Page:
The Cerrejon impasse is just the latest problem for the world’s fourth-largest coal exporter whose extractive companies have been plagued by increased rebel attacks and labor unrest in recent years.
The strike, with near total union support, will not mean immediate stoppage, however. Under Colombian law, workers cannot walkout the day after the vote. The union seeks a 7% annual wage increase; Cerrejon has offered 5%.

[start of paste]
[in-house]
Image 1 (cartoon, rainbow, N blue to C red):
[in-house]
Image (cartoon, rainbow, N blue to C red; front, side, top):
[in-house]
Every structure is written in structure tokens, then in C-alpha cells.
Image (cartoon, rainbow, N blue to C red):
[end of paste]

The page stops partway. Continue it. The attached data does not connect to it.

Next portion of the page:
Cerrejon produced 34.6 million metric tons (mt) of coal last year, 4% more than expected and exported 32.8 million mt, 2.5% above its goal.
A U.S.-backed military offensive against Marxist rebels and drug cartels has helped increase security in Colombia while drawing billions in investment, mainly into the oil and mining sectors.